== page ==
Trump passes first pres­i­den­tial test on for­eign pol­icy cri­sis

The Washington Times Daily - - POLITICS - MATT MACKOWIAK Matt Mackowiak is the pres­i­dent of Austin­based Po­tomac Strat­egy Group, a Repub­li­can con­sul­tant, a Bush ad­min­is­tra­tion and Bush-Cheney re-elec­tion cam­paign vet­eran, and for­mer press sec­re­tary to two U.S. se­na­tors. He is the host of a na­tion

No one is ever fully pre­pared to be pres­i­dent of the United States. No mat­ter how much ex­pe­ri­ence they have serv­ing in a leg­isla­tive body, as a gov­er­nor or in the Cab­i­net, there is sim­ply no sub­sti­tute for the soli­tude and the weight of the de­ci­sions that face an Amer­i­can pres­i­dent.

De­ci­sions are yours alone, and his­tory is doc­u­ment­ing each one. There are no easy an­swers for prob­lems that ar­rive on the pres­i­den­tial desk.

For­eign pol­icy crises test pres­i­dents in unique ways: In­tel­li­gence can be in­com­plete, for­eign ad­ver­saries can be un­pre­dictable, and in the back of a pres­i­dent’s mind is the par­a­lyz­ing fear that Amer­i­can lives may be lost.

When Pres­i­dent Trump was pre­sented with his first for­eign pol­icy cri­sis last week, forced to de­ter­mine the U.S. re­sponse to a heinous chem­i­cal at­tack un­ques­tion­ably per­pe­trated by Syr­ian pres­i­dent and war crim­i­nal Bashar As­sad, the world looked to the new U.S. pres­i­dent.

Would he be de­ci­sive? Would he re­spond pro­por­tion­ally? Would he be able to unify the coun­try?

The con­sen­sus view, across party lines, is yes. We can de­bate the pre­cise im­pact of fir­ing 59 Tom­a­hawk cruise mis­siles into a Syr­ian air base that U.S. in­tel­li­gence be­lieves was used to launch the chem­i­cal weapons at­tack. We can de­bate whether a new au­tho­riza­tion of mil­i­tary force is needed. We can de­bate what our coun­try’s pol­icy to­ward Syria should be.

But in re­view­ing this pres­i­den­tial de­ci­sion, all Amer­i­cans should pause to con­sider how this de­ci­sion was made, and most will find con­fi­dence in the Trump ad­min­is­tra­tion’s han­dling of an ur­gent for­eign cri­sis.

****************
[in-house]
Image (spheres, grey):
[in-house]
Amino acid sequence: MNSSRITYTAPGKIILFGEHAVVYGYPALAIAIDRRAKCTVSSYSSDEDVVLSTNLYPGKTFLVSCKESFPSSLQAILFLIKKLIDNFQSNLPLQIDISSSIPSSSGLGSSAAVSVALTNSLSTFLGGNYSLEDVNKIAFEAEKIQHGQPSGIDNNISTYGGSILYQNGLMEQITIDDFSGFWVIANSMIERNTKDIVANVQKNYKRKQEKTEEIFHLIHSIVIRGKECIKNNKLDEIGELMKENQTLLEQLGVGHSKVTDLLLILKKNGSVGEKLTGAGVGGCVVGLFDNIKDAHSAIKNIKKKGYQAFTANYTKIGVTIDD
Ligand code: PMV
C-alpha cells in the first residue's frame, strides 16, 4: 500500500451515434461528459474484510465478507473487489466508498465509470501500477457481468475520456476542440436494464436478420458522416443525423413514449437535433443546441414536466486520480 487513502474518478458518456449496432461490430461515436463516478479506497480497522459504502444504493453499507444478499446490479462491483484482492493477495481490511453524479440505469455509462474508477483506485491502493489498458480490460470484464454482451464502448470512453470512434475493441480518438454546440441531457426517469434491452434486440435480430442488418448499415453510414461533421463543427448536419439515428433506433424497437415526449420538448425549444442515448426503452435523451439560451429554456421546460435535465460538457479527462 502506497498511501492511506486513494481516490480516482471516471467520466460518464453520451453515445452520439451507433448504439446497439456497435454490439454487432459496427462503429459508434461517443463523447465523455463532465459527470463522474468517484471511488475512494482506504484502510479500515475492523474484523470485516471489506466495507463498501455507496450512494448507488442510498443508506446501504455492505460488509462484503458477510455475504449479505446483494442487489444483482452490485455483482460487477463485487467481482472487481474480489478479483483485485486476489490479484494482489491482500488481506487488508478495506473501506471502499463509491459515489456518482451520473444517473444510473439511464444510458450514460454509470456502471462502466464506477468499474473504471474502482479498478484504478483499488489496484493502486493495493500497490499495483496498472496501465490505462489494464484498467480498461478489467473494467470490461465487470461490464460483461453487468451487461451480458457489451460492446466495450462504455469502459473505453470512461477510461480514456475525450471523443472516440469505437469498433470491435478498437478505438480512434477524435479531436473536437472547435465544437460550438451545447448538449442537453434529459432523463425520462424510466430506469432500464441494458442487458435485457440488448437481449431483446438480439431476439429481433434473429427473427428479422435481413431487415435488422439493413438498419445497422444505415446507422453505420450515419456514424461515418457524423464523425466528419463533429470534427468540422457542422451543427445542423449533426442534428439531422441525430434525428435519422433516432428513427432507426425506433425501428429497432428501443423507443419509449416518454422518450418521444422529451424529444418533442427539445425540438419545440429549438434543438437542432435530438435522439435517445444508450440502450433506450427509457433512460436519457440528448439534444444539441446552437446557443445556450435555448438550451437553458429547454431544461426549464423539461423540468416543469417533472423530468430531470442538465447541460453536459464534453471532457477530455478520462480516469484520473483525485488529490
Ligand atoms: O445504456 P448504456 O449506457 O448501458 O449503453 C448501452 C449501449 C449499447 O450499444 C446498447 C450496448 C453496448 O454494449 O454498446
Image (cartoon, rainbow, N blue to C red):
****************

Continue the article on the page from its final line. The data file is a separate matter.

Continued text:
In this case, the Na­tional Se­cu­rity Coun­cil worked ex­actly as it should, with a newly em­pow­ered, thought­ful and cred­i­ble na­tional se­cu­rity ad­viser in Lt. Gen. H.R. McMaster balanc­ing the eq­ui­ties of our na­tional se­cu­rity of­fi­cials and pre­sent­ing op­tions to the pres­i­dent.

The Syr­ian chal­lenge is four-di­men­sional: It’s a Syr­ian civil war, with ISIS op­er­at­ing in the east, and Rus­sia and Iran di­rectly in­volved. There will be no sim­ple so­lu­tion as noth­ing could be ac­cept­able to each of the par­ties in­volved.

This com­plex­ity par­a­lyzed the Obama ad­min­is­tra­tion when it was con­fronted with the hor­ror of Mr. As­sad’s bru­tal­ity.

Non­govern­men­tal es­ti­mates of how many Syr­i­ans Mr. As­sad has killed since 2011 gen­er­ally start at 200,000 and go up from there.

In the end, Mr. Trump be­lieved in­ac­tion posed far greater risk to the U.S. than ac­tion. In the space of about two days, Mr. Trump con­sid­ered the op­tions with his na­tional se­cu­rity team, and the airstrike was car­ried out with pre­ci­sion by our mil­i­tary.

Crit­ics of­ten say that Mr. Trump is not a man of com­pas­sion, but the images of the chil­dren who were in­dis­crim­i­nately slaugh­tered last week clearly moved him.

With this tar­geted, pro­por­tional mil­i­tary strike, the ben­e­fits will not be lim­ited to Syria. For­eign ad­ver­saries and ter­ror­ists may not have known what to make of Pres­i­dent Trump. Now they do.

He will act. He will act de­ci­sively. He will not be pas­sive.

This ac­tion in Syria puts North Korea, Rus­sia and Iran on no­tice. We can­not fully cal­cu­late the pow­er­ful value of that state­ment.

Go­ing for­ward, the Trump ad­min­is­tra­tion will be judged by the results of its poli­cies, which take time to de­velop and time to carry out.

But in eval­u­at­ing this first con­se­quen­tial pres­i­den­tial de­ci­sion, all Amer­i­cans should be proud of Mr. Trump and en­cour­aged by how well his for­eign pol­icy team ex­e­cuted this im­por­tant mis­sion.

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